Stand up. Everything I do is to support my standup habit. I take jobs in television for the amazing health insurance. I write for TV because it’s a skill I have and I love it. But after a few months of that I’m ready to get on a plane and go back to the simple life of thinking a thought, saying it out loud and getting a response. When I’m writing for TV, even my own scripts, there is so much discussion and guessing about what’s funny. The stand-up in my finds this absurd. The only way to find out is to go on tour and say stuff out loud. We worry about reaching everyone in America with the books we write or the sitcoms we write and the stand-up in me goes, “Oh, well I can just fly to the South or Midwest and perform for them in ways unencumbered by Network or Publishing House notes.” Whenever I pitch TV shows, executives wonder if people in the Midwest would like it. I always say, “Well, I was just there last week and they loved it. So I’m gonna say yes.”
How did you develop your effortless “storytelling” comedic style?
Over 20 years of work. Years of doubting myself. Feeling like I wasn’t a real comic because people call me a story teller when really what I am is a real standup comedian. Only very few comedians and rarely any in the 21st century do one liner jokes. I do the same type of stand-up style lots of people do. Nobody called Richard Pryor a storytelling comic, but whenever a woman doesn’t change the subject after five minutes she’s called a storyteller. What I do is just straight up stand-up comedy and the correct term is narrative. A story doesn’t have to be funny. It only has to be interesting and it has to build to a huge end.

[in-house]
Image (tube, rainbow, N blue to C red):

I play clubs where drunk dudes are one second away from heckling if I don’t make them laugh. And I always do because I’m telling jokes in a narrative fashion. I do the kind of stand-up comedy of the 1970’s that I grew up watching. I got up on stage every night for free for ten years. Open mics. Bookstores. Coffee shops. Clubs when they let me. I never stopped. And I grew from a 20-year-old kid into a 43-year-old woman and I’ll keep growing. Comedy is about becoming who you are and as being yourself becomes more effortless, comedy will seem more effortless.
When and why did you start your podcast, The Diary of Jen Kirkman?
I started in 2013. I wanted to do a podcast since I found out what they were back in 2006, but I had the usual reservations about starting a new venture until one day I decided “Screw it. I’m getting a microphone and a podcast recording app and I’m just going to talk solo.” I knew that having a podcast helped get butts into seats at my stand up shows and it’s a no-brainer to do one. And at the time I was a full-time writer and cast member on Chelsea Lately and I wanted to present the real me. And I see myself as not as fun as I may seem. I don’t really like drinking despite my many appearances on Drunk History. I don’t like talking about pop culture despite being on Chelsea Lately. And so it began as a way to say, “this is the real me.” I am boring and cranky and in my opinion, that’s way more fun.
Considering the rising tensions in our current social and political climate, do you think comedy can unite people and bring a sense of hope?
I think comedy can for sure. When people laugh at jokes I’m making about how I’m feeling or how I react to the world, I hear that laughter as meaning, “We relate”. I never take it as literally as meaning, “You are funny.” It goes deeper. I think of it as meaning, “You made how I feel inside sound funny. Thank you.” And so it gives me hope too when people seem to be at comedy shows looking for human connection and experience. Nothing beats a live comedy show for that. And what Kimmel is doing with his late night show is incredible. Humor is a great way to educate people. It’s like that George Bernard Shaw saying which I am paraphrasing, but “Tell the truth. But make it funny or they’ll kill you.”